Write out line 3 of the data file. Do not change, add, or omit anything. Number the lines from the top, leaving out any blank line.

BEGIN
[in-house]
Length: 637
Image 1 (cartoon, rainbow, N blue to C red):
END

Image 1 (cartoon, rainbow, N blue to C red):